Still, she was shocked when she found out that might lose her leg. She was told right before her first planned surgery that doctors would try to replace the bone in her leg, but that if that wasn’t possible, it would have to be amputated. Even if the bone could be replaced, the cancer might spread to the lower part of her leg.
Throughout her treatment, she struggled to pay her medical bills. One of her shots cost $200, and she had to take it three times a day for three months. She was only able to afford the medicine because the manufacturer had a special program for cancer patients.
“I thought that if I am going to die, then let me know, because my family is struggling for every penny to pay for my treatment,” she says now. “I would rather spend this time making memories with my son and my dad.”
At one point, she met a physician who was director of osteosarcoma research at a major hospital. He offered to do her surgery on a pro bono basis, because her case was unusual. Her tumor was large, and the remaining bone was fingernail thin. Yet she had no other tumors in vital organs, and she had been walking on her leg and playing sports before her accident. “Obviously, it was hard, but I am still here,” she says of the amputation. “I am a mother. I need to carry on.”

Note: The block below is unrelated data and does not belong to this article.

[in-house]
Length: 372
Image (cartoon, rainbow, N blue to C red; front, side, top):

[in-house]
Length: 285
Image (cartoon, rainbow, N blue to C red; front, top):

Years later, her cousin, who was like a sister to Erin, would die from cancer. Her cousin developed sarcoma, which affects the soft tissue of the spine. She passed away in 2018, and Erin says her death “was and still is the most difficult experience of my life.”
Erin’s cousin’s death, along with her own struggle, fueled her passion for universal health care. In 2018, she was involved in a universal health campaign in the Bahamas undertaken by WHO and the Pan American Health Organization (PAHO). PAHO provides support to member nations in the Americas to strengthen health services and work toward universal health, including care for cancer patients.